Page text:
Lynx died of natural causes
DURANGO, Colo. – A lynx that was found dead on a ski slope Jan. 8 at the Purgatory Ski Resort died of natural causes, Colorado Parks and Wildlife announced Wednesday. The lynx was seen by dozens of people at the ski area and a video of the cat was viewed on social media nearly 1 million times.
A necropsy of the 11-year-old male found a tumor in the animal’s throat that prevented it from eating. Although not common, tumors are found in wildlife.
While the news was greeted with regret by many people, this lynx is symbolic of the success of CPW’s reintroduction program.
This is a photograph of a lynx being released by CPW as part of the reintroduction program in 2006 near Creede, Colo.
“The cat lived a long life in the wild and spent it’s time in some of Colorado’s most incredible backcountry,” said Scott Wait, senior terrestrial biologist for CPW’s southwest region. Wait was involved with the reintroduction from the start and continues to work on long-term monitoring efforts.
Lynx from Canada and Alaska were transplanted to Colorado starting in 1999. Most were released near the Weminuche Wilderness in southwest Colorado. The area was chosen because it contains few roads compared with other areas in the state. All the cats that were released were fitted with radio collars and tracked by researchers. This allowed CPW to monitor them, watch for mortalities, find their dens and locate newborn kittens. A microchip was implanted into all the kittens ‒ the same type pet veterinarians use ‒ so that researchers could identify the animals later if they were found.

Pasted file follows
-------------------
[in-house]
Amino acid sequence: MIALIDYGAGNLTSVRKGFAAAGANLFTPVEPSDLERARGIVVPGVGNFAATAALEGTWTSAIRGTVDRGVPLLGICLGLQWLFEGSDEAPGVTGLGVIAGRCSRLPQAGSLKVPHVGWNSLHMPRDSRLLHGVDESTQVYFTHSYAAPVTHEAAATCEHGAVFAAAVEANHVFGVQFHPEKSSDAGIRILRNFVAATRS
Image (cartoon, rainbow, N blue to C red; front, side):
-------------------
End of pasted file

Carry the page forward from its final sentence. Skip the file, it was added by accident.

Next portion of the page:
To the delight of biologists, a chip was found in this lynx and it revealed the cat was born in the Bear Creek area near Telluride in 2005. The cat’s mother was one of the original lynx released in the reintroduction program. A record number of lynx dens, 16, were found that year by CPW biologists.
In 2009, the cat was captured as part of a research effort and fitted with a GPS collar which revealed that it was living in the remote area between Telluride, Rico and the Purgatory ski area. The collar eventually fell off the animal.
“The lynx lived in what is the best type of habitat for its species, high elevation and thick spruce-fir forest. This shows that much of Colorado’s high country is suitable lynx habitat,” Wait said.
A long-term monitoring project in southwest Colorado that uses snow-tracking and remote cameras has shown that lynx are occupying ideal habitat and are doing well in the wild. Frequent lynx sightings in many mountain areas also provide anecdotal evidence that cats are now part of the Colorado landscape. Because the cats are elusive and live in remote areas, CPW cannot accurately estimate the population of the large felines.
Even though the lynx was in its last days when it was seen on the ski slopes, the sightings provided a rare opportunity for people to see a large cat in the wild, said Patt Dorsey, CPW’s southwest regional manager.
“We talk a lot about the importance of wildlife, but when we get to see extraordinary animals in the wild, it gives us a much greater appreciation of their beauty and of the importance of conserving the natural world,” Dorsey said.
To read more about lynx, go to the CPW web site at: http://cpw.state.co.us.